Just Because It’s Winter Doesn’t Mean UV Rays Won’t Affect Your Eyes

Winter is here, and most of us have already stashed away our sunglasses and sunscreen, planning to only take them out when summer rolls around. Little do we know that winter can wreak just as much havoc on the unprotected eyes as a sunny day. Although the intensity of UVB rays are at their peak during midsummer, UVA rays remain comparatively high throughout the year, making your eyes and skin vulnerable to sun exposure not only in summers but also winter.

In fact, around 80% of UV rays are reflected on to the snow, which means there is an increased risk of UV rays exposure (both from the sky and the ground). Whether you are hitting the hills, heading to work or having a nice cozy time near the fireplace, it is important to take notice of your surroundings. Instead of taking healthy vision for granted, take precautions.

Protect Your Eyes

  • Remember those sunglasses you put away? Take them out again. If you can, invest in wraparound goggles or sunglasses with polarized lenses and a foam liner, which will allow your eyes to relax by absorbing the glare and preventing fatigue. Look for sunglasses that come with information about SPF or promise 100% UVA/UVB protection. Choose yellow, amber or brown tints, which improve clarity, contrast and depth perception.
  • Keep your eyes moisturized at all times. Air or heat circulation from a heater or fire can result in irritation and drying of the eyes, which is not only painful but annoying, especially if you have dry eyes, a condition where the eye ceases to produce a proper supply of tears. In that case, avoid all types of heat sources and use a humidifier or artificial tears to prevent dryness. You can also keep near you a spray bottle of filtered water and spray the content in your eyes whenever necessary.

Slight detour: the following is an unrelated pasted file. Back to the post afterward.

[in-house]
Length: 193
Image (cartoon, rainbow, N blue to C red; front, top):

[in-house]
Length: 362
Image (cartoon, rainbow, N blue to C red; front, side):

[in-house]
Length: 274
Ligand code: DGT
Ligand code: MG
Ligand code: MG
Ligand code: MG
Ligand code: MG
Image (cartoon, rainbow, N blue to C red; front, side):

• Seek as much shade as possible. If you commute by your car, install tinted windows that will block the UVA rays. Avoid sitting by the window in public transportation and seek shade with an umbrella
  • Avoid going outdoors during times when the sun is at its peak, between 10:00 am to 4:00 pm.
  • Keep eye drops handy
  • Eat nutritious foods. Although cold weather calls for comfort foods like hot chocolate and coffee, snacking healthily is important to keep your vision and overall health in excellent shape. A good idea is to take multivitamins daily and eat a diet rich in antioxidants (including dark leafy greens, such as spinach and kale, carrots and fruits).

If you have a pre-existent condition, it is a good idea to see your optometrist before the winter season and comprehensively discuss the steps and medications that you need to take to ensure the health of your eyes. If you think your eyes may have suffered sun or debris damage, contact your doctor ASAP.

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